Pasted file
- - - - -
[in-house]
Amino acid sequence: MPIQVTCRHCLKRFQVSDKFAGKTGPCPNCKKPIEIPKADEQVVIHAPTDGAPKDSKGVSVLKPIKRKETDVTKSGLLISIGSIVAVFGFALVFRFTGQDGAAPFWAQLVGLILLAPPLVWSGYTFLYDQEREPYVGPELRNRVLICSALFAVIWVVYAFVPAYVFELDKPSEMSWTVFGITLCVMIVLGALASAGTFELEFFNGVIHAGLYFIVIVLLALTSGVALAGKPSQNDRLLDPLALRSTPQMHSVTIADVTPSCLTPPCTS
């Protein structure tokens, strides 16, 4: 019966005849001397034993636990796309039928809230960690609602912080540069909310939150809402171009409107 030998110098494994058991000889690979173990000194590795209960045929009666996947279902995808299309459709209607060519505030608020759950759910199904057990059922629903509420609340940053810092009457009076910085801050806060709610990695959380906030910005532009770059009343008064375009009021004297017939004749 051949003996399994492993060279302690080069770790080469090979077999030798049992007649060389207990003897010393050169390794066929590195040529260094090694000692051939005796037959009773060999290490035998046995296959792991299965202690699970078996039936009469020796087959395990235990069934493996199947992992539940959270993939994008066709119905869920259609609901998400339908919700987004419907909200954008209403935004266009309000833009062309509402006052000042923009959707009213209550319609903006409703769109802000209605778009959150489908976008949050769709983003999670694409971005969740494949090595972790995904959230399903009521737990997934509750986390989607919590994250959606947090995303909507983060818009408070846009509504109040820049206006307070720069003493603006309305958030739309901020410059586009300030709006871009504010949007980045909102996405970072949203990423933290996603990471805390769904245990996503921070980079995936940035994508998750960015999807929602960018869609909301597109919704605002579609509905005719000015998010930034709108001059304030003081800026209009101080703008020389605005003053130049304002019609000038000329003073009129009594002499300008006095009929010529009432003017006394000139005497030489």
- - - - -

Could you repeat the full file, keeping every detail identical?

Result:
[in-house]
Amino acid sequence: MPIQVTCRHCLKRFQVSDKFAGKTGPCPNCKKPIEIPKADEQVVIHAPTDGAPKDSKGVSVLKPIKRKETDVTKSGLLISIGSIVAVFGFALVFRFTGQDGAAPFWAQLVGLILLAPPLVWSGYTFLYDQEREPYVGPELRNRVLICSALFAVIWVVYAFVPAYVFELDKPSEMSWTVFGITLCVMIVLGALASAGTFELEFFNGVIHAGLYFIVIVLLALTSGVALAGKPSQNDRLLDPLALRSTPQMHSVTIADVTPSCLTPPCTS
């Protein structure tokens, strides 16, 4: 019966005849001397034993636990796309039928809230960690609602912080540069909310939150809402171009409107 030998110098494994058991000889690979173990000194590795209960045929009666996947279902995808299309459709209607060519505030608020759950759910199904057990059922629903509420609340940053810092009457009076910085801050806060709610990695959380906030910005532009770059009343008064375009009021004297017939004749 051949003996399994492993060279302690080069770790080469090979077999030798049992007649060389207990003897010393050169390794066929590195040529260094090694000692051939005796037959009773060999290490035998046995296959792991299965202690699970078996039936009469020796087959395990235990069934493996199947992992539940959270993939994008066709119905869920259609609901998400339908919700987004419907909200954008209403935004266009309000833009062309509402006052000042923009959707009213209550319609903006409703769109802000209605778009959150489908976008949050769709983003999670694409971005969740494949090595972790995904959230399903009521737990997934509750986390989607919590994250959606947090995303909507983060818009408070846009509504109040820049206006307070720069003493603006309305958030739309901020410059586009300030709006871009504010949007980045909102996405970072949203990423933290996603990471805390769904245990996503921070980079995936940035994508998750960015999807929602960018869609909301597109919704605002579609509905005719000015998010930034709108001059304030003081800026209009101080703008020389605005003053130049304002019609000038000329003073009129009594002499300008006095009929010529009432003017006394000139005497030489």